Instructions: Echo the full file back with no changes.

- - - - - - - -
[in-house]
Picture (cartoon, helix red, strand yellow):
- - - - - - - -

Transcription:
[in-house]
Picture (cartoon, helix red, strand yellow):